Okay. Time to brighten the news doom and gloom once again. Shootings, politics, racism… I get so tired of hearing about all of it. I even had a friend post on Facebook, “If you’re a Trump supporter, then unfriend me. I don’t want or need you in my life.” This year’s election is bringing out the best in people. It’s shameful. I cannot believe all the hatred. I understand people are passionate, but really? To go to that extreme just because they have different beliefs? What ever happened to the “agree to disagree” concept? Is it all or nothing these days?
So I’m taking a “hatred break.” Even if it is only for 5 minutes. Here are some super happy stories that deserve some attention and just might make you smile.
The younger patients of children’s hospitals might have a hard time keeping their spirits up during treatment, but this organization is showing that all it takes is a little dancing.
Dancin’ Power is a nonprofit organization that gives free dance lessons to children in hospice care. Since their debut in 2006, instructors have been inspiring sick kids to find joy and healing through dance.The teachers are trained to customize their lessons for whatever disabilities the children may have. Whether they’re wheelchair-bound, or need to stay in sterilized environments, Dancin’ Power volunteers are ready to accommodate any hindrance.
The dancing doesn’t just give the youth joy during their illness – it also gives them a chance to exercise and have fun.
“Every day we learn so much from our kids, they are so resilient and strong even when facing challenging times,” Dancin’ Power said on their Facebook. “We are grateful to be a positive part of their lives during those hard times. We hope that you too can find strength and resilience when facing hard times!”
Officer Emanuel Dotch was driving towards Florida on the Interstate 10 when he noticed an erratically driving car ahead of him. Amidst their swerving, the mysterious driver almost side swiped a truck, so Emanuel decided to pull them over.
It was a little old lady driving from Texas to Florida. When she insisted that she was fine, Emanuel offered to buy her dinner since she had apparently not eaten since lunch time.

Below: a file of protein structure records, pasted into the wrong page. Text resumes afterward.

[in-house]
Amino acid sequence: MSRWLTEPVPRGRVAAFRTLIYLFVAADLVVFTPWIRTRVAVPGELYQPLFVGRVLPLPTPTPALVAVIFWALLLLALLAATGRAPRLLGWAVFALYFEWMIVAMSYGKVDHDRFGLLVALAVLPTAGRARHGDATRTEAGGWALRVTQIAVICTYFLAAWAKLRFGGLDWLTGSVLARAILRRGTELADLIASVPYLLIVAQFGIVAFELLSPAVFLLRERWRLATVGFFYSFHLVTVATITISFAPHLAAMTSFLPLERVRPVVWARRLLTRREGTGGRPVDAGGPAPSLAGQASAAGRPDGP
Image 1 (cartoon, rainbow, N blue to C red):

After paying for her meal at a nearby Waffle House, the officer waited in his car for her to finish.
“She walked out and tried to offer me some money,” Emanuel wrote on Facebook, “but I told her I couldn’t accept that because it’s apart of my job to protect and serve so she asked me would I accept a hug and I told her I would do that. The moral of the story is if we would just look out for each other, this would be a better country.”
Cate has been the secret orchestrator of hundreds of secret sweet gestures all over Adelaide, South Australia since January. Her Yours Kindly Facebook page documents all of her anonymous gifts – from leaving bubble wands on park benches, to leaving change taped to parking meters, to leaving flower bouquets in public spaces.
The page has over 2,800 self-identified ‘Kindness Warriors’ who have been inspired by Cook’s gestures and imitated the generosity in their own communities.
“We are a kindness community and people are often sharing kind deeds that they have done – leaving chocolates, opening doors, buying care packs for homeless people, writing inspirational notes, paying for someone’s coffee, etc.,” Cate told the Good News Network. “Recently after a TV interview, the cameraman and sound technician both said that what I am doing is inspiring and such a great thing that they were going to go and do acts of kindness too. It truly is a ripple effect.”
As further evidence of her compassionate nature, Cate celebrated her 62nd birthday in August with 62 different acts of kindness around the city.
He thought maybe he should intervene, but how? Bonnet decided to keep his eye on the couple and follow his instincts.
The 17-year-old cook had just completed a shift at work in Montreal, Canada, and saw his chance to help when the man asked him for money, saying he and the woman needed bus fare to get to the town of Laval, some 25 miles (40km) away.
Thinking on his feet, Bonnet not only got the money for them, but also announced that he, too, was headed to Laval. He hopped on the same bus as the couple, and when they stood up to get off, Bonnet stood up, too, and offered to buy them dinner.
Pretending to go to the restroom, Bonnet instead borrowed a stranger’s cell phone to call police. So good was the teen’s facade that when law enforcement arrived to arrest the man and escort the woman to safety, the kidnapper had no idea it was Bonnet who had tipped them off.
“(The woman) looked at me, and she was almost crying, and I said to myself, ‘I did good,’” Bonnet told CBC News.
He did more than good, according to Laval Police Lieutenant Daniel Guérin, who told CBC that in 24 years of policing, he’s never seen anything quite like what Bonnet did.
Bonnet didn’t even know the police were already searching for the couple. The 29-year-old woman had reportedly been kidnapped a few hours earlier, and authorities were pretty sure they knew by whom—a dangerous ex-boyfriend who was under a court order to stay away from her.
The Laval cops were so impressed with Bonnet’s decision-making, which they said probably saved the woman’s life, that they took up a collection to reimburse him for the money he spent. They raised $255 for the quick-witted young hero.
Bonnet was delighted to have his cash returned, and his proud mother bought up eight newspapers as keepsakes.
These people are setting positive examples in their community, examples we can all learn from. Have you performed a random act of kindness lately? I know I haven’t, but I think it’s high time I do.
(all stories retrieved from goodnewsnetwork.org)